An English officer of the time, Captain Thomas Lee, wrote that this deed of horror was perpetrated with the full knowledge and approval of the Lord Deputy, Sidney; and certain it is that there never was an investigation or attempt to bring the assassins to justice. Retribution, however, quickly overtook nearly all concerned in it. Sir Francis Cosby was killed three years later, in the great victory won at Glenmalure by the O’Byrnes and O’Tooles and some fugitive O’Mores, over Lord Grey de Wilton the then Deputy; and the Dempseys were brought to the most abject poverty and misery.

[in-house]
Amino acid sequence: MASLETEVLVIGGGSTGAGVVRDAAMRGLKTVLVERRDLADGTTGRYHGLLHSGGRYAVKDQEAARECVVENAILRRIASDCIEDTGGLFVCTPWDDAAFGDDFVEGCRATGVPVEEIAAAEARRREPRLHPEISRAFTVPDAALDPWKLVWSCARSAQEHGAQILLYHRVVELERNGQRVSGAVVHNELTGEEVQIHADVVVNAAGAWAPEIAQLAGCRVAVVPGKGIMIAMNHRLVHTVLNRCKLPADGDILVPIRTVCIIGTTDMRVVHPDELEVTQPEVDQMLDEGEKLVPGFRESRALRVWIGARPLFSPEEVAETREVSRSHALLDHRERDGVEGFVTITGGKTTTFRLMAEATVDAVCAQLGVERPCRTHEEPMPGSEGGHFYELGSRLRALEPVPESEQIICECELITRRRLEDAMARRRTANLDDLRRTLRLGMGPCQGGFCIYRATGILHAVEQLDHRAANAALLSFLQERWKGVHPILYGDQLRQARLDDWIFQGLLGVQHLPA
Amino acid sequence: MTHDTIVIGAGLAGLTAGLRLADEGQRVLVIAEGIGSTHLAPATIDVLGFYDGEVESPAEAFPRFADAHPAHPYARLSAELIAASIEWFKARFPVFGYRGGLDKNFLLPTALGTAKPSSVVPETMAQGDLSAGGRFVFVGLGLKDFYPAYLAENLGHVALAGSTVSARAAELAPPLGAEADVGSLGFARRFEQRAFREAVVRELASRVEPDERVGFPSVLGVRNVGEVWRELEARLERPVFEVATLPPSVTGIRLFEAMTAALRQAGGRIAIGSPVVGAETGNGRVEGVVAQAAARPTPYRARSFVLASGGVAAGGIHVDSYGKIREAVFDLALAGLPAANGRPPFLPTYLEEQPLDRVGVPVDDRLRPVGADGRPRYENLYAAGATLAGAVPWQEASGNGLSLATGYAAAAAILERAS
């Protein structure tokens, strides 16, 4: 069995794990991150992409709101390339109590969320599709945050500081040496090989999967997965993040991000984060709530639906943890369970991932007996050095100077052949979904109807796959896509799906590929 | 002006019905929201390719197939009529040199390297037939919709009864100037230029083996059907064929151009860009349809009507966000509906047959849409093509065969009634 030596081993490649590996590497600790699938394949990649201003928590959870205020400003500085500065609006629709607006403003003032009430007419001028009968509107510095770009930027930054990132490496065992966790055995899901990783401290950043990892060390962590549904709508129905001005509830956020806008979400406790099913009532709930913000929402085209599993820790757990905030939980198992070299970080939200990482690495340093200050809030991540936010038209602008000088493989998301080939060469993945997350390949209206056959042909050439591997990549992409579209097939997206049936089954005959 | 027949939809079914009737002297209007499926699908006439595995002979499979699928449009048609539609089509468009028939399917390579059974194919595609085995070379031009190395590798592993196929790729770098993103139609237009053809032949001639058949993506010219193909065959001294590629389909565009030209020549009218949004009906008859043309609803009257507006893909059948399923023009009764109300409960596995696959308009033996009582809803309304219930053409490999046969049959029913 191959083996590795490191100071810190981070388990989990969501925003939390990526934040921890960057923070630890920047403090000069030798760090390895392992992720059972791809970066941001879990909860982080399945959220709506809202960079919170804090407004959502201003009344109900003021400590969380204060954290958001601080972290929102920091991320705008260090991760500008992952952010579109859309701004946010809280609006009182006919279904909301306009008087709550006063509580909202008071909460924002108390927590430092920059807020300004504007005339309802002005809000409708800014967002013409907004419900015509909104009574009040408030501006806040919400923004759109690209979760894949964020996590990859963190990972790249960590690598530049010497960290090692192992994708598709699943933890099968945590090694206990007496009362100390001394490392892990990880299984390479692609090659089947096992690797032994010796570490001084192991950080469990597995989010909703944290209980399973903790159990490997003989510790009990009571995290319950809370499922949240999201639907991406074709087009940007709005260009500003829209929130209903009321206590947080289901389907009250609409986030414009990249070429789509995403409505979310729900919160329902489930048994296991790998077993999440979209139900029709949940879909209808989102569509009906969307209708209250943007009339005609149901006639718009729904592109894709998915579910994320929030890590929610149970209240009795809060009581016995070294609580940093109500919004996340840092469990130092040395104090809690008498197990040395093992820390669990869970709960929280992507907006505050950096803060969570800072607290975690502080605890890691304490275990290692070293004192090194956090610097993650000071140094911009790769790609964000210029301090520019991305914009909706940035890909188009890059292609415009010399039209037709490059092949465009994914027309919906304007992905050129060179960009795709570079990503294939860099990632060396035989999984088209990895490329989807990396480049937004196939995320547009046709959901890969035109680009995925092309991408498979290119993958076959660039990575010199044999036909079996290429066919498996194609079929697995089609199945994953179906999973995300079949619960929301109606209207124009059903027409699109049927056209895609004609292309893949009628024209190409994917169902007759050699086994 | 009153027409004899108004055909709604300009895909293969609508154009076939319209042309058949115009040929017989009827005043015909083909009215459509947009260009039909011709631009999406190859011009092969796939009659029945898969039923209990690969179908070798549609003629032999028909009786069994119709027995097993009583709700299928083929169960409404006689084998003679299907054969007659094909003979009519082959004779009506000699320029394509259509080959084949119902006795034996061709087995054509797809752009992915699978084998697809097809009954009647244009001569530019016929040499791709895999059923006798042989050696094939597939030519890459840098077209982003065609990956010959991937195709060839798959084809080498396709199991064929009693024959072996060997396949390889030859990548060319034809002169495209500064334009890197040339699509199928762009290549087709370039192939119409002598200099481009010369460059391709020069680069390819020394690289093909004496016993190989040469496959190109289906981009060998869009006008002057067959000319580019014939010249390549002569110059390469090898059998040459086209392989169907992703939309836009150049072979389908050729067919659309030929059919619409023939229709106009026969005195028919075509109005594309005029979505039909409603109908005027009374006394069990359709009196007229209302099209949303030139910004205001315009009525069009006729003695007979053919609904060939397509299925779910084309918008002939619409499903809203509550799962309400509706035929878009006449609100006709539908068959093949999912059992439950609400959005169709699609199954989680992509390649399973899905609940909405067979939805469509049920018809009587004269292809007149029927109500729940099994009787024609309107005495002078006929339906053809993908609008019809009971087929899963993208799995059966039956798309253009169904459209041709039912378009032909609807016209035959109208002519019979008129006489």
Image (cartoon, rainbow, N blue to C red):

Rory Oge, who fortunately for him had not been present, and was still stoutly maintaining his independence among the woods and hills, vowed an oath of vengeance which he only too faithfully kept. “Remember Mullaghmast!” became this watchword and dread warcry. Like some destroying angel, he and his men would swoop down in the night upon the castle or manor of one of the assassins, and the terrified inmates would be roused from their slumbers by his fierce slogan to find their rooftrees blazing over them, or to find his clansmen swarming over their battlements and putting all to the sword. Not only castles and fortified mansions fell before Rory Oge, but who towns and settlements wherein the undertakers and planters were congregated. There was no guarantee of an untroubled night’s repose for any of the English settlers. He was often at hand and would deal his deadly blow, when they fondly supposed him to be far away. His movements were most amazingly rapid, and he appeared in places distantly removed from one another at incredibly shot intervals. Sir Henry Sidney wrote to the Council that he could not say whether such feats “were performed by swiftness of footmanship, or rather, if it be lawful so to deem, by sorcery or enchantment.” The English compared him to their own historic Robin Hood, and as the Robin Hood of Ireland they might certainly regard him; he bears every resemblance to the legendary hero of English outlawry-a gallant young nobleman, with a price put upon his head by the government, and carrying on, from the safe refuge of woods and marshes, his war against an intolerable tyranny.